Jump to content

My "new" lathe - Input?


Recommended Posts

This lathe was pulled out of a barn up the road that is being restored and was earmarked for metal scrap. I am not a machinist and have no idea how to actually use this, but it was just too cool to see it go to scrap. Therefore, it is now in my garage with me wondering what I'll end up doing with it. (My wife still loves me.) To my uneducated eyes, it appears to be all there - including the books which were in a drawer with a number of other goodies. I see that it is a South Bend Lathe Works lathe that, incidently, could be purchased for $94.00, or just $24 down and monthly payments of $7, from the Osborne & Sexton Machinery Company of Columbus, Ohio.

 

Any comments or information? I'd love just to clean it up and get it running, but I have no idea if there is any kind of a market for this sort of thing.
IMG_0311.thumb.JPG.6cbca06a07e60fcbb82ebd2163d1b4ab.JPGIMG_0309.thumb.JPG.b3c13dd8ac37a7944adde45177d644bd.JPGIMG_0306.thumb.JPG.2fe6ea51753b678c9aa9a484b9c6f8d5.JPG

  • Like 1
Link to post
Share on other sites

South Bend lathes are nice machines.  I would make it a restore project.  Once restored you can learn up on how to use it or resell it for more profit.  Soak everything with some type of solution to aid in removing rusted bolts and parts.  Good luck.

Link to post
Share on other sites

What ;you have is a short bed version of the classic South Bend '9' lathe.  These lathes remain quite popular today due to the fact that many, like myself, first learned to use a lathe in high school machine shot on a South Bend 9.  Yours is a fairly early pre-war model but would still be a very useable unit once rebuilt.  I have  a WWII era 9, with the Navy department anchor stamped in the right hand end of the front way that still works very well.  The nice thing about these things is that there is a large following for them, even a club exists, and a good supply of new, used and replacement parts available.  The 9 is a perfect machine for the home hobbyist and many attachments are available to extend it's capabilities.  With all of that said, a machine like yours isn't an expensive piece so I'd check around for pricing before I put a large amount of money into it.  You may find a machine in good working order for less than what you would spend on fixing yours up.  The other part of all of this is coming up with the necessary tooling, which I don't see in you photos and am assuming you don't have.  You can invest some serious bucks in acquiring a good assortment of things like a complete set of collets, centers, taper attachment, center rest, etc.  Then there are the more esoteric items, like a milling head, if you really want to get deeper involved.  Good luck with  you find, have fun.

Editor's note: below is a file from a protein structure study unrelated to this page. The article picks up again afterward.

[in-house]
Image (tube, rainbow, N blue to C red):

Link to post
Share on other sites

This is a manual gear change machine so I assume there should be some loose gears that come with it; if so, don't let them get away. The serial number??may be  found on the right side of the machine, in the bed, near the ways.

 

https://www.practicalmachinist.com/vb/south-bend-lathes/south-bend-9-workshop-lathe-248916/

Edited by dep5
add link (see edit history)
Link to post
Share on other sites

Minus the rust, it looks exactly like the one my Grand Father and then Father had when I was growing up.

 

They had the motor and drive assembly mounted on the wall several feet above the lathe.

 

Link to post
Share on other sites

Join the Practical Machinist web site... they have both an "antiques" sub-forum and a South Bend sub-forum. There are plenty of folks there who will be able to guide you. Also, get a copy of "How to Run a Lathe" - it was published by South Bend and is still the best basic work on the subject regardless of what machine you have. I know it is on the internet but it will be far more useful to get a real copy - it's cheap and readily available.

 

By the way - that doesn't look to be in bad condition at all. The lathe I run every day was far rougher when I started. But, there are things to avoid and proper ways of going about recommissioning it so it would be best to get some knowledgable advice before you start pulling things apart.

Link to post
Share on other sites

A relatively light duty lathe but is fine for what you will likely use it for. If your chuck is a 4 jaw that is really all you need for 99% of your jobs. If not 3 jaw chucks are readily available as is almost anything you might need. The rust looks like surface rust and even lite pitting is not a problem.

Google will be your friend. Find out all you can before simply mucking about.

Personally i dont know how one can get through life without a lathe (and mill).....bob

 

Link to post
Share on other sites